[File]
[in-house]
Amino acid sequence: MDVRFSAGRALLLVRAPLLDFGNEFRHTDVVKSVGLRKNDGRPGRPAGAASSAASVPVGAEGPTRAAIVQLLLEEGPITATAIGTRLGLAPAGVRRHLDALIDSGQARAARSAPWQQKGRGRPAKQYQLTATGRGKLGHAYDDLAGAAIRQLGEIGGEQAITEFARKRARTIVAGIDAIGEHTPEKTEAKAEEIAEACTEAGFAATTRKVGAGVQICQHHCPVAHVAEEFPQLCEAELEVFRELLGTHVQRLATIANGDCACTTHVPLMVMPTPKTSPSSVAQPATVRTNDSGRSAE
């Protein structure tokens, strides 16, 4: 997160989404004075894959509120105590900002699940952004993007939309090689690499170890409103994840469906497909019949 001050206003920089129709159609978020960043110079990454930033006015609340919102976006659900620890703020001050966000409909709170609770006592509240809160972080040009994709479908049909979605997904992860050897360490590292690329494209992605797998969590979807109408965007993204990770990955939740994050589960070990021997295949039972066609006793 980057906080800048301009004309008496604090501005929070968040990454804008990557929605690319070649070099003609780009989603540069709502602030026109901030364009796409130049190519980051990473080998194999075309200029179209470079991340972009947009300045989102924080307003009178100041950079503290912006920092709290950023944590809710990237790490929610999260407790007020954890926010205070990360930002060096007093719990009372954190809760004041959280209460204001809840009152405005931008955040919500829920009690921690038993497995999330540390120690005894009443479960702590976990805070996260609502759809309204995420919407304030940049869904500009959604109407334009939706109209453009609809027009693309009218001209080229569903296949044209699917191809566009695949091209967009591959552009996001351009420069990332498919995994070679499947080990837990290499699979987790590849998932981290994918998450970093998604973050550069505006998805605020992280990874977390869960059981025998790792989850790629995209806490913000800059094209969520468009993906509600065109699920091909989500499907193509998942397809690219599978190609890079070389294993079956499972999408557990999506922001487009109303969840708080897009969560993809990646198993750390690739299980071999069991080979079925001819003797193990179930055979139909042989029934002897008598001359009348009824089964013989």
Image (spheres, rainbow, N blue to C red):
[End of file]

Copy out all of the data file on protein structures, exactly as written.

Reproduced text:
[in-house]
Amino acid sequence: MDVRFSAGRALLLVRAPLLDFGNEFRHTDVVKSVGLRKNDGRPGRPAGAASSAASVPVGAEGPTRAAIVQLLLEEGPITATAIGTRLGLAPAGVRRHLDALIDSGQARAARSAPWQQKGRGRPAKQYQLTATGRGKLGHAYDDLAGAAIRQLGEIGGEQAITEFARKRARTIVAGIDAIGEHTPEKTEAKAEEIAEACTEAGFAATTRKVGAGVQICQHHCPVAHVAEEFPQLCEAELEVFRELLGTHVQRLATIANGDCACTTHVPLMVMPTPKTSPSSVAQPATVRTNDSGRSAE
């Protein structure tokens, strides 16, 4: 997160989404004075894959509120105590900002699940952004993007939309090689690499170890409103994840469906497909019949 001050206003920089129709159609978020960043110079990454930033006015609340919102976006659900620890703020001050966000409909709170609770006592509240809160972080040009994709479908049909979605997904992860050897360490590292690329494209992605797998969590979807109408965007993204990770990955939740994050589960070990021997295949039972066609006793 980057906080800048301009004309008496604090501005929070968040990454804008990557929605690319070649070099003609780009989603540069709502602030026109901030364009796409130049190519980051990473080998194999075309200029179209470079991340972009947009300045989102924080307003009178100041950079503290912006920092709290950023944590809710990237790490929610999260407790007020954890926010205070990360930002060096007093719990009372954190809760004041959280209460204001809840009152405005931008955040919500829920009690921690038993497995999330540390120690005894009443479960702590976990805070996260609502759809309204995420919407304030940049869904500009959604109407334009939706109209453009609809027009693309009218001209080229569903296949044209699917191809566009695949091209967009591959552009996001351009420069990332498919995994070679499947080990837990290499699979987790590849998932981290994918998450970093998604973050550069505006998805605020992280990874977390869960059981025998790792989850790629995209806490913000800059094209969520468009993906509600065109699920091909989500499907193509998942397809690219599978190609890079070389294993079956499972999408557990999506922001487009109303969840708080897009969560993809990646198993750390690739299980071999069991080979079925001819003797193990179930055979139909042989029934002897008598001359009348009824089964013989």
Image (spheres, rainbow, N blue to C red):